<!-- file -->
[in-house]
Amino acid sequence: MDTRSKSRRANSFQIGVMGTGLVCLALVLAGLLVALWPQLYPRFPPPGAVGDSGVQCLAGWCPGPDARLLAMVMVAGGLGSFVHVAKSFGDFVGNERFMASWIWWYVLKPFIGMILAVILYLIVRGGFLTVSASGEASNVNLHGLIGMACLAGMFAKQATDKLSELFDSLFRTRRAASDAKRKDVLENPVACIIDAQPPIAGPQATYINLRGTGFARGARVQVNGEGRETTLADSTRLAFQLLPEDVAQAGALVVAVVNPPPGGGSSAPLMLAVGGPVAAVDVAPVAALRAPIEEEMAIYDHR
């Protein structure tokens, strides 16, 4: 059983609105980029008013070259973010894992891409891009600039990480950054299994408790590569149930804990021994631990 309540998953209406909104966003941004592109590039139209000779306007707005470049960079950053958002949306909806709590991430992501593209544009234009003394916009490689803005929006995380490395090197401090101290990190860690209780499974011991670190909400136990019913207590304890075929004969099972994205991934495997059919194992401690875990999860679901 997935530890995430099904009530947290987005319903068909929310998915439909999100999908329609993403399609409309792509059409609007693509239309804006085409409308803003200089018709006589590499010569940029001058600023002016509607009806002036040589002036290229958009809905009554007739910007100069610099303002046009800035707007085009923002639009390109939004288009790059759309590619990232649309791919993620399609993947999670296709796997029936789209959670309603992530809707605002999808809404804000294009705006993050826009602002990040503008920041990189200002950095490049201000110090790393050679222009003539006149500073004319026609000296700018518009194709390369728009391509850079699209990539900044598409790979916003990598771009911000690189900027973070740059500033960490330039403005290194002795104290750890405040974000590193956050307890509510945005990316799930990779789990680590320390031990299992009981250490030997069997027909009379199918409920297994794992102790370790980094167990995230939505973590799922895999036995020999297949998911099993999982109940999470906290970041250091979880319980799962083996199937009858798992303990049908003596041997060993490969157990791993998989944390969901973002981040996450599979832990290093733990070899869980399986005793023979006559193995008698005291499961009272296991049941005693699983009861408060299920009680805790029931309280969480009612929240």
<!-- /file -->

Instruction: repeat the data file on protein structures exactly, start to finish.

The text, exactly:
[in-house]
Amino acid sequence: MDTRSKSRRANSFQIGVMGTGLVCLALVLAGLLVALWPQLYPRFPPPGAVGDSGVQCLAGWCPGPDARLLAMVMVAGGLGSFVHVAKSFGDFVGNERFMASWIWWYVLKPFIGMILAVILYLIVRGGFLTVSASGEASNVNLHGLIGMACLAGMFAKQATDKLSELFDSLFRTRRAASDAKRKDVLENPVACIIDAQPPIAGPQATYINLRGTGFARGARVQVNGEGRETTLADSTRLAFQLLPEDVAQAGALVVAVVNPPPGGGSSAPLMLAVGGPVAAVDVAPVAALRAPIEEEMAIYDHR
């Protein structure tokens, strides 16, 4: 059983609105980029008013070259973010894992891409891009600039990480950054299994408790590569149930804990021994631990 309540998953209406909104966003941004592109590039139209000779306007707005470049960079950053958002949306909806709590991430992501593209544009234009003394916009490689803005929006995380490395090197401090101290990190860690209780499974011991670190909400136990019913207590304890075929004969099972994205991934495997059919194992401690875990999860679901 997935530890995430099904009530947290987005319903068909929310998915439909999100999908329609993403399609409309792509059409609007693509239309804006085409409308803003200089018709006589590499010569940029001058600023002016509607009806002036040589002036290229958009809905009554007739910007100069610099303002046009800035707007085009923002639009390109939004288009790059759309590619990232649309791919993620399609993947999670296709796997029936789209959670309603992530809707605002999808809404804000294009705006993050826009602002990040503008920041990189200002950095490049201000110090790393050679222009003539006149500073004319026609000296700018518009194709390369728009391509850079699209990539900044598409790979916003990598771009911000690189900027973070740059500033960490330039403005290194002795104290750890405040974000590193956050307890509510945005990316799930990779789990680590320390031990299992009981250490030997069997027909009379199918409920297994794992102790370790980094167990995230939505973590799922895999036995020999297949998911099993999982109940999470906290970041250091979880319980799962083996199937009858798992303990049908003596041997060993490969157990791993998989944390969901973002981040996450599979832990290093733990070899869980399986005793023979006559193995008698005291499961009272296991049941005693699983009861408060299920009680805790029931309280969480009612929240």